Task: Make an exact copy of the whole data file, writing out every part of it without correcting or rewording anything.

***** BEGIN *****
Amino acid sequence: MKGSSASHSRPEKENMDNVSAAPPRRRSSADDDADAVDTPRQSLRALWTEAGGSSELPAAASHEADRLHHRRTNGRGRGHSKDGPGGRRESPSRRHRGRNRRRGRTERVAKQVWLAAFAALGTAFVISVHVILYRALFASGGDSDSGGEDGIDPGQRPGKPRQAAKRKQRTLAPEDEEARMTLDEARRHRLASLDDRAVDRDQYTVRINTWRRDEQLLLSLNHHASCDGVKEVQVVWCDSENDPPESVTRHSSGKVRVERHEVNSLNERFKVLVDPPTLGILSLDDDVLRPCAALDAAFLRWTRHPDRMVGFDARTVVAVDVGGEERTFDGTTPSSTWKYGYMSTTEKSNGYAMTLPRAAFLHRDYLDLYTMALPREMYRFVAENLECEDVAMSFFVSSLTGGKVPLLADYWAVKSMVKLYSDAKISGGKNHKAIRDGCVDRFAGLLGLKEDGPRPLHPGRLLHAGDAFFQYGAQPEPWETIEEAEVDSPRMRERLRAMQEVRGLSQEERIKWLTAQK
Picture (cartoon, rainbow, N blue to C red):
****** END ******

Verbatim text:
Amino acid sequence: MKGSSASHSRPEKENMDNVSAAPPRRRSSADDDADAVDTPRQSLRALWTEAGGSSELPAAASHEADRLHHRRTNGRGRGHSKDGPGGRRESPSRRHRGRNRRRGRTERVAKQVWLAAFAALGTAFVISVHVILYRALFASGGDSDSGGEDGIDPGQRPGKPRQAAKRKQRTLAPEDEEARMTLDEARRHRLASLDDRAVDRDQYTVRINTWRRDEQLLLSLNHHASCDGVKEVQVVWCDSENDPPESVTRHSSGKVRVERHEVNSLNERFKVLVDPPTLGILSLDDDVLRPCAALDAAFLRWTRHPDRMVGFDARTVVAVDVGGEERTFDGTTPSSTWKYGYMSTTEKSNGYAMTLPRAAFLHRDYLDLYTMALPREMYRFVAENLECEDVAMSFFVSSLTGGKVPLLADYWAVKSMVKLYSDAKISGGKNHKAIRDGCVDRFAGLLGLKEDGPRPLHPGRLLHAGDAFFQYGAQPEPWETIEEAEVDSPRMRERLRAMQEVRGLSQEERIKWLTAQK
Picture (cartoon, rainbow, N blue to C red):